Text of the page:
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Adam ‘PacMan’ Jones claims to be a “first or second ballot” Hall of Famer

Adam ‘PacMan’ Jones claims to be a “first or second ballot” Hall of Famer
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Adam ‘PacMan’ Jones was among one of the most notorious players in his time in the NFL. A 12-year veteran, Jones was the number six overall draft choice in 2005 by the Tennessee Titans. In a career as a formidable defensive back, he besmirched his reputation with several off-the-field issues.

Nevertheless, Jones did manage a single Pro-Bowl selection in 2015 and proved to be a solid return man. The latter skill leads Jones to believe he should be a first or second ballot Hall of Fame choice in the NFL.

“I think I should be at least first or second ballot, especially on special teams. There’s not too many people that’s done what I’ve done. Who would be your top three, four returners from 2005 to 2017-18?

If you look at the [average yards-per-return] with even being suspended I had more yards than Devin Hester.”Adam ‘PacMan’ Jones

Jones’s argument for his induction into the Canton, Ohio Pro Football Hall of Fame is simple. He believes simply that since Hester is getting buzz for a potential Hall of Fame selection, he deserves it too. Despite Hester having Three more All-Pro and Pro Bowl selections, Jones still makes a case. All off-the-field issues aside, PacMan claims that he was the second-best, if not the best kick returner during his time in the NFL. Let’s see how the numbers stack up to his claim.

PacMan vs. his competition

Before looking at other significant return men from his era, we must establish a base with PacMan’s numbers. In his career, Jones returned 192 punts, amassing 1,947 yards (10.14 yards/return). He also cashed in five touchdowns off of punts. As far as kick returns go, Jones returned 132 kickoffs for 3,232 yards (25.86 yards/return). However, none of Jones’s 132 kickoff returns went for a touchdown. Overall, he had some pretty respectable stats.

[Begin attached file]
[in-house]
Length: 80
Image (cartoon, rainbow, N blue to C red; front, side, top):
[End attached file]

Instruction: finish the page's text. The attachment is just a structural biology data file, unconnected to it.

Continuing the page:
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First, we have to compare Jones to Devin Hester, arguably the greatest return specialist in NFL history. Hester returned 315 punts for 3,695 yards (11.73 yards/return). He also returned an NFL record of 14 punts for touchdowns. For kickoffs, Hester netted 7,333 yards on 295 kicks (24.86 yards/return), also sending five of them to the house. Although, as Jones said, he does outdo Hester by 1 yard/return on average, however, he gets blown out of the water by Hester in every other statistic.

It would be unfit to talk about return men of the 21st century without mentioning Darren Sproles. He returned 311 punts in his career for 2,961 yards (9.52 yards/return), with seven going for touchdowns. Sproles took back 332 kicks for 8,352 yards (25.16 yards/return) on kickoffs, taking two all the way back for six points. Like Hester, Sproles has a lot more volume than PacMan, despite failing to average more yards per kick return than him. Jones numbers stack up surprisingly well to Sproles.

Jacoby Jones was another great return man from this era. He holds a record for the longest play in Super Bowl history, returning a kickoff for a 108-yard touchdown. Jacoby returned 276 punts for 2,688 yards (9.74 yards/return), taking four to the house. He also returned 183 kickoffs for 3,940 yards (26.99 yards/return), taking five of them back for touchdowns. PacMan may have slightly better punt return numbers than him, but Jacoby’s kick return average significantly outshines PacMan’s numbers.

There are a few more that I could include, like Cordarrelle Patterson, Julian Edelman, or Percy Harvin. However, they all tell the same story about Jones as those above. While PacMan may have a leg up on certain other return specialists here or there, they also have him beat in different categories as well. Thus, PacMan’s numbers don’t exactly stand out like typical Hall of Famers do. Overall, he does have solid numbers from his career, but are they enough to overcome his baggage and earn him a shot at entering the Pro Football Hall of Fame?


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